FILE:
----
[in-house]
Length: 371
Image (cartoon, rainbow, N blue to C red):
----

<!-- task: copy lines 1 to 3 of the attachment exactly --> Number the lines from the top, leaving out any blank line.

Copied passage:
[in-house]
Length: 371
Image (cartoon, rainbow, N blue to C red):